A lab of two halves … Warwick’s bold bid to keep those nasty bugs at bay

IBRB Warwick_HawkinsBrown_©Jack Hobhouse (2)

Designed by Hawkins\Brown, Warwick university’s new £54.3m interdisciplinary biomedical research facility features contrasting facades of dark bronze and white concrete that reflect the two different aspects of what is happening inside

IBRB Warwick_HawkinsBrown_©Jack Hobhouse (2)

Source: Jack Hobhouse

The left-hand side of the building is the wider wet-labs section with a concrete frame and facade; to the right is the narrower, timber-framed write-up section with bronze facade

The pandemic has changed our notion of a superhero from a crime-busting catsuit-clad hulk to an academic in a lab coat armed with a microscope. Infectious disease research is the new rock and roll, because covid-19 has made us all too aware that micro-organisms have the potential to wreak far more havoc than criminals.

There are an untold number of viruses in the wild that could jump from animals to humans and mutate into killer diseases. Our primary line of defence against lethal bacteria – antibiotics – is being weakened by their routine use for fattening cattle, to name one of many abuses.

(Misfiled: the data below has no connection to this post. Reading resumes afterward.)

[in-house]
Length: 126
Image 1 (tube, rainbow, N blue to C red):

The life sciences sector was already booming before the pandemic; covid-19 has turbo-charged it. The need for high-quality research facilities to attract top scientists and allow them to do their best work has never been more critical.

Happily for the University of Warwick, it had just procured a new biomedical research building before the pandemic struck. The Interdisciplinary Biomedical Research Building (IBBR) brings the previously separate schools of life sciences and medicine together into a new, collaborative work environment with the ambition that increased interaction will spark innovation.

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